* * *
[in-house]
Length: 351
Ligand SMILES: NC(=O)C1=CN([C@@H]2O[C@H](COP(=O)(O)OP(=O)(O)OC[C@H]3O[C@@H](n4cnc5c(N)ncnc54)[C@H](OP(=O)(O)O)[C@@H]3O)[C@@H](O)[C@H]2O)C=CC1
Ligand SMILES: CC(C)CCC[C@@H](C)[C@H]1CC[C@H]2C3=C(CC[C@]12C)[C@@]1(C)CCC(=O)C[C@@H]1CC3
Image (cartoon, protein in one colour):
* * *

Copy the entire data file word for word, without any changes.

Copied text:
[in-house]
Length: 351
Ligand SMILES: NC(=O)C1=CN([C@@H]2O[C@H](COP(=O)(O)OP(=O)(O)OC[C@H]3O[C@@H](n4cnc5c(N)ncnc54)[C@H](OP(=O)(O)O)[C@@H]3O)[C@@H](O)[C@H]2O)C=CC1
Ligand SMILES: CC(C)CCC[C@@H](C)[C@H]1CC[C@H]2C3=C(CC[C@]12C)[C@@]1(C)CCC(=O)C[C@@H]1CC3
Image (cartoon, protein in one colour):